Tribune de Genève.
For several weeks Germany’s police have been using a method developed in Switzerland to identify possible terrorists.
Developed by Jérôme Endrass, deputy head of the psychiatric psychological service at the office of justice of the canton of Zurich, the system involves police answering a series of questions on an individual based on what they know. The results place individuals into three risk categories: moderate, above average, or high.
The system helps the police, who are inundated with information, to work in a more targeted manner.
Endrass used New York as a counter example. He said “New York police set the criteria as young, male, muslim with convictions for petty crime. A model like this, with little nuance, results in mass surveillance of the muslim population of New York.”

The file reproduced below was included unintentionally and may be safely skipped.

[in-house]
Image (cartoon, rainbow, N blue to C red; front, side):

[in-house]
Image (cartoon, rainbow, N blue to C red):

Endrass and his colleagues found that the most important terrorism risk factor is a person’s relationship with violence, not their links to extremism or religion. For this reason the system includes questions aimed at identifying an individual’s propensity for violence, such as past violent offenses, violence growing up, violence in war, sadistic tendencies and fascination with guns.
If one of these criteria are met then a slight affinity with religious extremism is enough to classify someone as extremely dangerous.
It is not yet known whether Swiss authorities plan to use the same system.
According to a recent report, 90 at-risk individuals have been identified in Switzerland. Germany’s federal police department has identified 570.